Governor Schwarzenegger sent a letter to the California assembly along with his veto of a recent bill. The first letters of each line of the message spell out a certain vulgar phrase. The Governor’s office says it’s a coincidence, but apparently lots of people don’t believe them.
This has a lot in common with the subject of a colloquium I gave here at the UniversitÃ© Paris last week. (If you really want to, you can see the slides for this talk.) My talk was about several unexpected patterns that have been observed in maps of the microwave background: there are a number of things that should, according to the standard theory, be random but that look non-random. There’s a lot of controversy over whether these patterns are significant. The problem is that after you’ve noticed a pattern, it’s very hard to quantify just how unlikely that pattern is, and hence whether it demands an explanation.
Human beings are really good at pattern-finding. Maybe what we’re seeing is a chance fluctuation, and we’re just fooling ourselves into thinking it’s a pattern with an underlying cause.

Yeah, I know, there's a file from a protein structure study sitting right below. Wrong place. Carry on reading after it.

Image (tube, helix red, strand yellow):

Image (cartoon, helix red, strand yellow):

The probability of this particular phrase being spelled out in this particular way in Schwarzenegger’s letter are something like one in a trillion. But if you want to decide whether you think an explanation is required (i.e., that someone did it on purpose), that one-in-a-trillion number isn’t the right one to use: you should try to figure the probability of something like this happening, rather than the probability of this particular thing happening.
Suppose that you read in the paper that Mary Jones won the lottery. You’re not likely to be astonished by that fact, even though the probability of this particular person winning the lottery is very small. The reason is simple: the probability of someone winning the lottery is quite large.
So in the cases of both the microwave background and the vulgar acrostic, we should ask how unlikely is it that some similarly unusual pattern would show up. The problem is that it’s very hard to phrase that question precisely enough that it has a meaningful answer.
So what should we do? In Schwarzenegger’s case, we should get whatever juvenile amusement we can out of the situation, then decide that it just doesn’t matter and move on. In the case of the microwave background, things are a bit different: if these patterns are real, then they may be telling us something scientifically very important. So we should try to figure out new data sets that will shed light on the question. Unfortunately, that’s hard to do.
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